Legislative Assembly for the ACT: 2010 Week 12 Hansard (Thursday, 28 October 2010) . . Page.. 5371 ..
• A partial expansion of Phase Two that would limit access to restorative justice by age of offender.
(2) Deliberations by Government on what programs and projects to support are often subject to Cabinet-in-Confidence themselves or are related to matters that are subject to Cabinet-in-Confidence. It is not appropriate for the Government to make public its internal deliberations on such matters.
(3) The current workload of the Restorative Justice Unit is managed by 2.4 FTE convenors and 1 FTE convenor funded by the AFP – this equates to approximately 70 cases per convenor per annum. There is also an administrative support officer (1xAS04) and a manager (SOG B) who carries a small caseload from time to time to manage spikes in referrals.
Should the restorative justice scheme be expanded to include young adult offenders, it is estimated that an additional 3 FTE convenor positions would be required to manage the expected increase in workload at an estimated recurrent cost of $.330m.
(4) Any expansion of restorative justice into the adult arena (i.e. those aged 18 years and older) is likely to create a substantial increase in workload. For example, it is likely that numbers would still double if Phase Two was expanded to only include offenders aged 19, 20 and 21 years.
People aged 15 to 19 years are more likely to be processed by police for the commission of a crime than are members of any other population group. The next group most likely to be processed for the commission of a crime is those aged 20 to 24 years of age. In 2006–07, the offending rate for people aged 15 to 19 years was four times the rate for offenders aged more than 19 years (5,735 and 1,305 respectively per 100,000).1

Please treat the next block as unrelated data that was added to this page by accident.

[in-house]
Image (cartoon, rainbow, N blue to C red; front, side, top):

The Government has considered limiting the eligibility of offences that would result in less than doubling of referrals; however, the disadvantages with this approach are that groups of offenders and victims would be arbitrarily denied access to restorative justice and the scheme would become confusing to understand and administer.
1 AIC, Australian Crime – Facts and Figures 2008
Crime—victims(Question No 1193)
Mr Rattenbury asked the Attorney-General, upon notice, on 23 September 2010:
(1) In relation to the annual funding provided to the Victims of Crime Coordinator since the Victims of Crime Act 1994 commenced and noting that prior to 2005-06 the total annual funding provided was not reported in the annual reports for the Victims of Crime Support Program, does the Government have records of the total amount of funding provided to the Victims of Crime Coordinator from when the Act commenced in December 1994 until the financial year 2004-05; if so, what are the total annual figures for the 11 intervening financial years; if not, why not.
(2) If the Government does not hold the records referred to in part (1), was the Coordinator funded part of a larger organisation and can the Minister indicate what